The battle over a proposed sale of American evangelism’s ‘Missions Pentagon’ raises questions of missionary strategy and nonprofit accountability. What responsibility do ministries have to their founder’s vision—and to those who sacrificed to fund it?
Oct. 31, the 500th anniversary of the beginning of the Protestant Reformation, was a public holiday this year in Berlin, which 75 years ago was a witch’s cauldron of Nazi-led hatred. Meanwhile, it was Halloween as usual in Washington, D.C., with Republicans on the verge of introducing a tax reform plan they called a treat and Democrats deemed a trick.
The formal unveiling of the plan on Nov. 2 showed both descriptions to be partly right. Reduction of corporate tax rates may turn out to be a treat for the American economy and for those who are unemployed or underemployed. Movement conservatives were heavily promoting the plan, and they may be right. Movement liberals were attacking it, and they usually have been wrong.
The plan certainly showed how far the GOP has moved in 20 years from the principles of “compassionate conservatism” that Gov. George W. Bush started talking about in 1997. He wanted government policies that promoted charitable giving and adoption. The plan also showed how quickly the GOP has distanced itself from decades of Republican rhetoric about budget deficits and national debt.
The GOP plan as of Nov. 7 includes some tax bracket simplification that will make little difference to most taxpayers. The big change for individual taxpayers is elimination of personal exemptions of $4,050 each. The plan makes up for that takeaway by doubling the standard deduction from $12,000 to $24,000 per married couple, and by increasing the child tax credit from $1,000 to $1,600.
While sitting in an airport early in November, I used my calculator app and saw how those changes may roughly balance out—but a plethora of nuances make precise Person A vs. Person B comparisons tricky. I did see how some changes could affect the behavior of four imaginary couples, each with an annual income of $100,000 and current deductions of $14,000 for property taxes and mortgage interest on their middle-class home:
- Mr. and Mrs. Watchtaxes have four children and donate $5,000 each year to churches and charities. By itemizing, they currently cut their tax bill by $750. Under the GOP plan they will start using the standard deduction and will contribute $500 less, since they won’t get any tax benefit by doing so—and their kids need new clothes.
- Mr. and Mrs. Kuyper have no children and donate $10,000 each year to churches and charities. They will also take the standard deduction but despite losing the tax benefit will continue to contribute that $10,000, and may even add to it since their tax bill will be a little lower and the economy is good.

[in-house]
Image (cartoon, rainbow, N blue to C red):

- Mr. and Mrs. Selfish are big winners: They have no children and donate nothing. They will benefit more from the GOP plan than the Watchtaxes or Kuyper families, because the now-doubled standard deduction gives them the same tax status as those with bigger families or bigger hearts.
- Mr. and Mrs. Compassion are big losers. In 2014 they used their savings to adopt a child—and received a $4,800 adoption tax credit, the average amount that year. They were thankful for that credit, one of the few lasting results of the GOP’s partial 1995-2001 compassion push. They had planned to adopt another child in 2018 but are surprised that the new GOP plan eliminates the adoption tax credit.
Analysts say the GOP plan, if enacted, will probably reduce the percentage of itemizers from 33 percent to 5 percent. One study predicted a 5 percent decline in contributions to religious organizations, but only God knows what will happen. The Universal Charitable Giving Act of 2017 is still up for congressional consideration: It would expand the charitable deduction to all Americans rather than knock it out for all but a few.
Meanwhile, GOP concern about federal deficits and debt seems mostly dead. In 2012 Senate Majority Leader Mitch McConnell, now blithely pushing to add $1.5 trillion to our national ball-and-chain, called debt “the nation’s most serious long-term problem.” Early last year the Republican National Committee blamed Barack Obama for burying the United States under a “mountain of debt.”
We are buried, and Debt Hill has become the Big Rock Candy Mountain, to bipartisan praise. Congress is singing the 1928 song by that name: “In the Big Rock Candy Mountain / There’s a land that’s fair and bright / Where the handouts grow on bushes / And you sleep out every night.”
Few Christian leaders are speaking out about our new cross of gold. During the Obama administration, the National Association of Evangelicals called for “the President and Congress to demonstrate moral leadership and fiscal integrity in addressing the national debt. This will require extraordinary political courage, bipartisan cooperation and shared sacrifice.”
This year, with a Republican in the White House, I’m not hearing many evangelical admonitions like that about federal debt. Maybe hoped-for economic growth will pull an elephant out of a hat, but political courage, cooperation, and sacrifice now seem as rare as a Halloween trick-or-treater in the costume of an angel.